Mothers are transported in their personal automobiles accompanied by their partners and/or family members. The midwife follows the family to the hospital in her personal car to continue support in the hospital (albeit another woman in labor needing her services at the birth center). Once you transfer settings, so will the care of your medical provider. This means your midwife will no longer be managing your labor (unless she has medical privileges at that hospital to do so) and will act more in the role of an advocate and support person.

hospital transfer

Below is a list of some of the more ‘common’ reasons to transfer. However, this is not an all-inclusive list. There may be situations that arise that are not included here. What are the non-urgent reasons to transfer to the hospital?

Maternal Exhaustion

As mentioned above, maternal exhaustion is the most common reason to go to the hospital. This can be due to a long early labor (inconsistent but strong contractions that are difficult to rest or sleep through), the baby is in a non-optimal position causing back pain and frequent contractions that don’t lead to cervical dilation, and/or stalled progress in the pushing phase.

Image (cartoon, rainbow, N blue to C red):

When the mother’s body is working hard for many hours with potentially little sleep, food and hydration (as many women don’t have an appetite and/or the labor hormones can make a woman feel nauseous and even throw up), its efforts at producing strong contractions diminishes leading to less contractions overall and stalled progress and/or descent. Despite the midwife’s natural remedies of increasing the mother’s energy, the frequency and intensity of contractions, and/or encouraging a more optimal fetal this is an indication to go to the hospital for rest and augmentation of the labor (i.e. an epidural, Pitocin and/or vacuum extraction, if indicated).